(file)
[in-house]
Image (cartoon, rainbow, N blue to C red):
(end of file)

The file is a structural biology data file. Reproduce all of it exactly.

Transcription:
[in-house]
Image (cartoon, rainbow, N blue to C red):